The same is not true for raised blood levels of homocysteine. If levels rise in the brain, it shrinks faster and cognitive abilities decline. If it goes down, they improve, and brain shrinkage slows. This means that it is causing the damage and so would logically be a target for treatment. The only way to do it, however, is with high dose B vitamins (B6, B12 and folate). Several gold standard, placebo-controlled trials have found this to be very safe and effective. But this approach is not patentable and so yields nothing like a drug profit.

But the benefits of treating homocysteine don’t stop there. It is a much better biomarker of risk for Alzheimer’s than plaque and p-tau both because it is more easily measured and more safely lowered. And when it is lowered, unlike those two, it actually improves cognitive function and slows brain shrinkage by as much as two thirds. It also helps to stop p-tau formation.

Routine checks save £60million a year

Routinely checking homocysteine levels could prevent thousands of cases. Just doing this “could save costs to the UK economy of approximately £60 million per year,” says Dr Apostolos Tsiachristas, Associate Professor in Health Economics at the University of Oxford. His research also estimated it would promote healthy longevity, adding 14 years to life expectancy.

About half of people over 65 have a homocysteine level above 11mcmol/l, which is where it starts to become damaging.

Supporting studies

In one study a third of those treated ended the study with no clinical dementia rating, meaning they could no longer be diagnosed with cognitive impairment. Those with sufficient omega-3 DHA, which is the most important structural fat in the brain, had 73% less brain shrinkage compared to placebo when given the B vitamin treatment. In contrast, in the last anti-amyloid treatment trial, brain shrinkage accelerated by about a fifth in those getting the drug, compared to placebo and not one person achieved a clinical dementia rating of zero.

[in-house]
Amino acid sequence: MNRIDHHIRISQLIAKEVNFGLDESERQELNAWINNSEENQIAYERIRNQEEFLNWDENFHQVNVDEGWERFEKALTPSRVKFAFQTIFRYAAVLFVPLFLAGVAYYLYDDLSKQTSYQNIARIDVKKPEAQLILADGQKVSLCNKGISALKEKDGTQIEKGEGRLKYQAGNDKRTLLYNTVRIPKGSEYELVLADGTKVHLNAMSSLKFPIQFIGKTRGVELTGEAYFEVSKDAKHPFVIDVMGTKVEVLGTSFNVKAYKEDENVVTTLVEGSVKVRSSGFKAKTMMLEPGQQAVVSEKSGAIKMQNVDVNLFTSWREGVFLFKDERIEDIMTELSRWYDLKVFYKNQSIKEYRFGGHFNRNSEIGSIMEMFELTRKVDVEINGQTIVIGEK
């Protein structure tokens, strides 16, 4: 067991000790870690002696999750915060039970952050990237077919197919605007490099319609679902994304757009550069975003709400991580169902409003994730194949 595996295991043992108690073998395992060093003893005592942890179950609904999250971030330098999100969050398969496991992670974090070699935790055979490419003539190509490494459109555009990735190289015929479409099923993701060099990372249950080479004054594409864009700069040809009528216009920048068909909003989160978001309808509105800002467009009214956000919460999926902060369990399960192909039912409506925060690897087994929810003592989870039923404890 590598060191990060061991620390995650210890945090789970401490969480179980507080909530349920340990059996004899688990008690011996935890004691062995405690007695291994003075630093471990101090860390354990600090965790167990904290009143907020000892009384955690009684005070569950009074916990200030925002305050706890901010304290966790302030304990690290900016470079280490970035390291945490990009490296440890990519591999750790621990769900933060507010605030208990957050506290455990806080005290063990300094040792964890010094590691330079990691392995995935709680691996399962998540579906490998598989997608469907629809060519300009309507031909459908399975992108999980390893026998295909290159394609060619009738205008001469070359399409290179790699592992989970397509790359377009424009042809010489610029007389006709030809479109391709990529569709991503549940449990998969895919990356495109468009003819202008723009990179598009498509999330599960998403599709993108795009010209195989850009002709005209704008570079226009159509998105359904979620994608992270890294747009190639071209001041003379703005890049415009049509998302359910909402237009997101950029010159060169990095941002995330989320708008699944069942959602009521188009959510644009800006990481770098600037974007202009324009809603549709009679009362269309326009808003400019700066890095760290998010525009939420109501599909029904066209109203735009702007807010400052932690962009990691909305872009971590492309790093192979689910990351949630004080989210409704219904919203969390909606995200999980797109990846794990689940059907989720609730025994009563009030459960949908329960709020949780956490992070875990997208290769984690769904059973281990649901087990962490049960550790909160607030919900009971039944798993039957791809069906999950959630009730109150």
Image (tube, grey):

It should be clear by now, after decades of scientific research that amyloid plaque is not a cause of Alzheimer’s, but a consequence. The same is likely to be true for p-tau tangles.

As an analogy consider your teeth. Is plaque the cause of tooth decay?  Sure, flossing your teeth and getting the plaque scraped off by the dental hygienist helps, but what causes the plaque? The answer is a bad diet – in this case, one high in sugar and low in fibre. Despite fifty years of research there is no ‘cure’ for tooth decay, but it can be prevented. The same concept applies to Alzheimer’s, which is as preventable as tooth decay with the right diet and nutrition and lifestyle – which also happens to include less sugar and more fibre.

Alzheimer’s Prevention

How preventable is Alzheimer’s? It accounts for two thirds of dementia cases. The most conservative figure is 40%. More optimistic estimates say around 80%. Since only one in a hundred cases is caused by genes Alzheimer’s may be entirely preventable in those 99% who do not have the rare causative genes and act early enough to optimise all diet and lifestyle factors. It is not an inevitable consequence of the ageing process as evidenced by the fact that the majority of people don’t get it.

Why the difference in figures?